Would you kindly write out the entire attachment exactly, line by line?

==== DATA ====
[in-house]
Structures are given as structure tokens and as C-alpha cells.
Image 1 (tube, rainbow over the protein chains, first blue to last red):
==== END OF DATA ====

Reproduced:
[in-house]
Structures are given as structure tokens and as C-alpha cells.
Image 1 (tube, rainbow over the protein chains, first blue to last red):